Proliferation Press

A webpage devoted to tracking and analyzing current events related to the proliferation of WMD/CBRN.

Posts Tagged ‘Heritage Foundation’

Ratifying The 1996 Comprehensive Nuclear Test Ban Treaty: Arms Control Association Vs. The National Review

Posted by K.E. White on June 22, 2011

The 1996 Comprehensive Nuclear Test Ban Treaty is back in the news, with some hoping the Obama administration—preferably before possibly losing re-election and thus losing a good arms-control partner—will push the Senate to ratify the treaty.

But after reading two opposing points of view (check out the dueling ACA and TNR editorials), it seems this debate really comes down to two disagreements:

(1) both sides just are operating under very different assumptions and factual assessments,

Or (2) this all comes down to one question:  whether it’s a good deal to trust other nations won’t test in return for the United States not testing.

Yes, the National Review makes arguments about not detecting nuclear tests, and the need to keep our arsenal up-to-date.  But as Daryl G. Kimball at ACA points out, the U.S. has the technology now to detect the test we would likely be looking for; and indirectly argues that the non-proliferation regime would be strengthened (read:  we could push India and Pakistan into the agreement, and sop future nuclear aspirants); and, finally, our nuclear stock-pile is good for decades without testing.

And while The National Review does not refute these arguments, and their underlying analysis, it seems there’s a more implicit thesis:  (1) this treaty won’t factor into other nation’s decisions to test or not; and (2) what happens in 20 years?  If everyone knows the U.S. will break the treaty the minute is become necessary, how much binding force will it have?  (Admittedly, all treaties suffer from this; but at least encourage patterns of behavior and predictability that allow nations to adjust their strategic plans).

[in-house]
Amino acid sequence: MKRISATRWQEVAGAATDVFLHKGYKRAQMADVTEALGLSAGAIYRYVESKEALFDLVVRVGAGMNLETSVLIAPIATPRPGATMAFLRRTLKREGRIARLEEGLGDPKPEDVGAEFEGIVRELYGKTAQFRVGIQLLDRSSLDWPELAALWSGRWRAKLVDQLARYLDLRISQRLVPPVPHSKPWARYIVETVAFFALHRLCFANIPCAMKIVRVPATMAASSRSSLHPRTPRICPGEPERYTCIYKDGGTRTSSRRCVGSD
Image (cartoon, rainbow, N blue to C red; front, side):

That’s why I like Jake Wilson’s blog at Heritage that concludes:

Nuclear weapons testing is essential for keeping the U.S. stockpile safe, secure, and reliable in the years ahead. Ratifying the CTBT would be detrimental to U.S. national security interests, as 30 countries around the world rely on the credibility of U.S. extended deterrence. These countries would be incentivized to develop their own nuclear weapons capabilities if the United States were perceived as weak and its nuclear weapons unreliable.

This is what the debate comes down to:  a simple disagreement into the motivations of countries.  I personally find this analysis shallow.  The greatest motivator to countries to acquire weapons is, I believe, fear that they will be held hostage to a country’s technological wizardry (e.g. North Korea and Iran had no reason to forego getting a nuke after being labeled part of the ‘axis of evil’.).  And, in any case, is not the world reaching a point where shifting flows in global finance and diminishing technology costs will make nuclear weapons available to any nation determined to get them?

If I’m right (and that is a big ‘if’), it then seems the proper course of U.S. action is to show nations nuclear weapons won’t achieve their strategic aims.  Best way to do that: show the world you don’t need further testing to meet your strategic aims.

But my worldview is more concerned with preventing low-budget, small nuclear aspirants—aka more Irans, Indias, and Pakistans—from causing regional headaches, not worries over Russia or China suddenly out-nuking us in some absurdist ‘Strangelove’ scenario.

But, in any case, both the ACA and TNR editorials duck this fundamental disagreement.  Instead, they recite or debunk old talking points.  It’s not that, especially the ACA analysis isn’t well-mapped and thorough, but instead missing what may actually be swaying the vote of particular Senators.